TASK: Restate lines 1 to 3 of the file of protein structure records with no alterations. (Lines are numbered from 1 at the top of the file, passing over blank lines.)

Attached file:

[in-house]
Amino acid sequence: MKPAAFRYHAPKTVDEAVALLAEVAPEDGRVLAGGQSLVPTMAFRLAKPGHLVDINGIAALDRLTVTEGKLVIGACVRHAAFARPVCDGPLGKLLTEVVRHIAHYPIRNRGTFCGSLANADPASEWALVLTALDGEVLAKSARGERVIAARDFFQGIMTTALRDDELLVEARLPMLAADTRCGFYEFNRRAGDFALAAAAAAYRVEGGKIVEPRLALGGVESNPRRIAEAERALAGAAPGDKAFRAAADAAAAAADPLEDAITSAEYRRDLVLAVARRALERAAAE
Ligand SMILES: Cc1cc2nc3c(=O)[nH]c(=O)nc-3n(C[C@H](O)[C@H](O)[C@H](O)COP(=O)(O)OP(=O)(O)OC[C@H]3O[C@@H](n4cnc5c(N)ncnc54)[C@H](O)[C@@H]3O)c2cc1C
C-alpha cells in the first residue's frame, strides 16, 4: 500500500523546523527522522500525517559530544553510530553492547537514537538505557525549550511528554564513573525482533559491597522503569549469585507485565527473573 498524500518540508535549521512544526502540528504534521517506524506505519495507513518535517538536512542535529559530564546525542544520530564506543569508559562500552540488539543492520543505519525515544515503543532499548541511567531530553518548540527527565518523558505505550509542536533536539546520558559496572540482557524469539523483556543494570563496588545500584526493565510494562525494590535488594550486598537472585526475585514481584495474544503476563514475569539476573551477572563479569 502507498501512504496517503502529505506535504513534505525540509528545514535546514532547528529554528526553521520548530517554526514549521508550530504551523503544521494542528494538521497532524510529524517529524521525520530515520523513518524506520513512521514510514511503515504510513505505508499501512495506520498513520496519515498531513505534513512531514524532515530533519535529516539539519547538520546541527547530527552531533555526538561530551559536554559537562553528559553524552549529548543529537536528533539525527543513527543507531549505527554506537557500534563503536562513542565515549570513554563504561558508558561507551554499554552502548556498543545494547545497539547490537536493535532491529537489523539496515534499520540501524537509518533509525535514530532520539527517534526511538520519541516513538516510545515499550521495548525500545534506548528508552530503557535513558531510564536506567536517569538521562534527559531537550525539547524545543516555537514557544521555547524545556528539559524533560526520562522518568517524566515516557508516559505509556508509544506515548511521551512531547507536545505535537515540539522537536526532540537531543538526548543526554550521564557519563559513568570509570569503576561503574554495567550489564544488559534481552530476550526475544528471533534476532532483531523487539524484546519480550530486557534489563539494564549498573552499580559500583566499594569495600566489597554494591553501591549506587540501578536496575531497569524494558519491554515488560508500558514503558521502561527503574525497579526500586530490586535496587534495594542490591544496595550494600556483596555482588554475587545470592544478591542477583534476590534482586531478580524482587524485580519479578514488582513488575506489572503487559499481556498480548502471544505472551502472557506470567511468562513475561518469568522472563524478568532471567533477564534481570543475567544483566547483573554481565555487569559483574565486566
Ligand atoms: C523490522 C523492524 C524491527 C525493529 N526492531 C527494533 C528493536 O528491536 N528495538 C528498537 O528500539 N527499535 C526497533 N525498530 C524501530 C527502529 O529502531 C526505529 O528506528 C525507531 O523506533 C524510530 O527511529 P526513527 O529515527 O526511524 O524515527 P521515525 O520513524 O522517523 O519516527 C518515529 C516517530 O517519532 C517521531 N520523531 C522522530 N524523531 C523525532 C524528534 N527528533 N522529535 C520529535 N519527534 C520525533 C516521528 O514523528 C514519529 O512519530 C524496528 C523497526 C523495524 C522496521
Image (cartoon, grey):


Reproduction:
[in-house]
Amino acid sequence: MKPAAFRYHAPKTVDEAVALLAEVAPEDGRVLAGGQSLVPTMAFRLAKPGHLVDINGIAALDRLTVTEGKLVIGACVRHAAFARPVCDGPLGKLLTEVVRHIAHYPIRNRGTFCGSLANADPASEWALVLTALDGEVLAKSARGERVIAARDFFQGIMTTALRDDELLVEARLPMLAADTRCGFYEFNRRAGDFALAAAAAAYRVEGGKIVEPRLALGGVESNPRRIAEAERALAGAAPGDKAFRAAADAAAAAADPLEDAITSAEYRRDLVLAVARRALERAAAE
Ligand SMILES: Cc1cc2nc3c(=O)[nH]c(=O)nc-3n(C[C@H](O)[C@H](O)[C@H](O)COP(=O)(O)OP(=O)(O)OC[C@H]3O[C@@H](n4cnc5c(N)ncnc54)[C@H](O)[C@@H]3O)c2cc1C